Queers Against Israel Apartheid (QAIA)
speech at the Center (3.3.12)
speaking at the
Queers Against Israel Apartheid (QAIA) action
at the LGBT Community Center
3 March 2012
I’m Pauline Park and I’m proud to say that I’m a co-founding member of both Queers Against Israel Apartheid (QAIA) and Queers for an Open LGBT Center (QFOLC) as well as the New York Association for Gender Rights Advocacy (NYAGRA). And as a transgendered woman of color, I was honored to have been invited to participate in the first US LGBTQ delegation to Palestine, which took place last month. As someone who was born in a country that suffered 40 years of a brutal foreign military occupation, I feel a deep sense of empathy with the Palestinian people. Let me tell you about some of the things I saw on the tour.
In the West Bank and East Jerusalem, I saw Palestinians shopkeepers, villagers and farmers under siege by Israeli settlers and the Israeli military, begin dispossessed of their land and deprived of their dignity and their basic human rights by an occupying power that doesn’t stop to ask the sexual orientation or the gender identity of the occupied. This is an occupation supported by the United States and subsidizing by US tax dollars, and it outrages me that my tax dollars are being used to oppress the Palestinian people but I have no say in how those funds are used.
Our delegation met with both LGBT and non-LGBT Palestinians, including members of three queer Palestinian organizations — alQaws, Aswat (an organization for queer women) and Palestinian Queers for Boycott, Divestment & Sanctions (PQBDS). What should be clear is that the Israeli occupation of the Palestinian territories affects all Palestinians, queer or non-queer, and makes it more difficult for LGBT Palestinians to advocate for themselves within Palestinian society.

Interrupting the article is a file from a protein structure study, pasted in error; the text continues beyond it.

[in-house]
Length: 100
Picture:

And Israel is no haven for LGBT Palestinians; in fact, Israel does not recognize non-Jewish refugees, so the discourse of ‘pinkwashing’ which attempts to create the impression that Israel is such a have is entirely false. Actually, Israel is no gay paradise even for LGBT Israelis, except maybe for gay white men in Tel Aviv who are Israeli citizens and have money; for everyone else, Israel is anything but a gay paradise.
After the tour ended, I spoke to a group of queer Israelis in Tel Aviv – mostly transgendered; they were a group of progressive Israelis who were all anti-occupation. In Tel Aviv, transgendered people, especially transgendered women, face pervasive police harassment and brutality from the Tel Aviv police, regardless of whether or not they’re engaged in sex work.
While I was in Tel Aviv, a queer Israeli woman whom I met there showed me Levinsky Park in South Tel Aviv. There are hundreds of African immigrants living in a tent city in Levinsky Park, many of them undocumented, most of whom work as day laborers in construction in Tel Aviv; they are constantly harassed by the Tel Aviv police, and for them, Israel is no paradise; because Israel does not recognize non-Jewish refugees, they are not eligible for refugee status.
As a founding member of the board of directors of Queens Pride House (an LGBT community center in the borough of Queens), I’d like to point out that a community center can provide social services as well as providing a safe space for discussion of controversial issues — including the issue of Palestine. A community center can and should provide services at the same time as providing a space for community organizing, including organizing to support the rights of marginalized communities and peoples such as the Palestinian people. Queens Pride House does both, and there is no contradiction between the two.
Finally, I would like to encourage you to sign our mailing list and get involved with QAIA and QFOLC as we challenge the Center to end the ban on Palestine solidarity organizing here. Thank you.
Pauline Park is a co-founding member of both Queers Against Israel Apartheid (QAIA) and Queers for an Open LGBT Center (QFOLC) as well as chair of the New York Association for Gender Rights Advocacy (NYAGRA).
This is a speech given at the LGBT Community Center in Manhattan on 3 March 2012; it is not a verbatim text of the actually speech given there, but rather a write-up of that speech reconstructed from notes a day later.